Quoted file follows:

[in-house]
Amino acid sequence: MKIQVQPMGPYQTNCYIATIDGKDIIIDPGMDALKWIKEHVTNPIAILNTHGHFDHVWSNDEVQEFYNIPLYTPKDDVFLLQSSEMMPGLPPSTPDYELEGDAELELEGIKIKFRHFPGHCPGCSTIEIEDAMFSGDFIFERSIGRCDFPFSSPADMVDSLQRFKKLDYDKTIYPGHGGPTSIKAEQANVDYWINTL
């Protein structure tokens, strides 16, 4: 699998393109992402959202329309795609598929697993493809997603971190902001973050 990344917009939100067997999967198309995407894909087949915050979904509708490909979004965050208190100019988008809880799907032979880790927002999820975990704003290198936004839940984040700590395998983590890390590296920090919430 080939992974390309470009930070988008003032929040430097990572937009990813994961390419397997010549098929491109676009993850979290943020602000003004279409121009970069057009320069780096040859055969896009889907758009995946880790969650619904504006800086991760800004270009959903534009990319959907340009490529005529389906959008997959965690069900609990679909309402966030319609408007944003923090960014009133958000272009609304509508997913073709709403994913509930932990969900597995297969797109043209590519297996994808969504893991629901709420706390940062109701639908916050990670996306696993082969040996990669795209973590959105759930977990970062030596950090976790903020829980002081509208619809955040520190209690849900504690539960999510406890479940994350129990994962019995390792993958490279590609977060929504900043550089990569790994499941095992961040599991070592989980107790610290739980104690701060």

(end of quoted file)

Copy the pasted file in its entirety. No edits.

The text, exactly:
[in-house]
Amino acid sequence: MKIQVQPMGPYQTNCYIATIDGKDIIIDPGMDALKWIKEHVTNPIAILNTHGHFDHVWSNDEVQEFYNIPLYTPKDDVFLLQSSEMMPGLPPSTPDYELEGDAELELEGIKIKFRHFPGHCPGCSTIEIEDAMFSGDFIFERSIGRCDFPFSSPADMVDSLQRFKKLDYDKTIYPGHGGPTSIKAEQANVDYWINTL
């Protein structure tokens, strides 16, 4: 699998393109992402959202329309795609598929697993493809997603971190902001973050 990344917009939100067997999967198309995407894909087949915050979904509708490909979004965050208190100019988008809880799907032979880790927002999820975990704003290198936004839940984040700590395998983590890390590296920090919430 080939992974390309470009930070988008003032929040430097990572937009990813994961390419397997010549098929491109676009993850979290943020602000003004279409121009970069057009320069780096040859055969896009889907758009995946880790969650619904504006800086991760800004270009959903534009990319959907340009490529005529389906959008997959965690069900609990679909309402966030319609408007944003923090960014009133958000272009609304509508997913073709709403994913509930932990969900597995297969797109043209590519297996994808969504893991629901709420706390940062109701639908916050990670996306696993082969040996990669795209973590959105759930977990970062030596950090976790903020829980002081509208619809955040520190209690849900504690539960999510406890479940994350129990994962019995390792993958490279590609977060929504900043550089990569790994499941095992961040599991070592989980107790610290739980104690701060």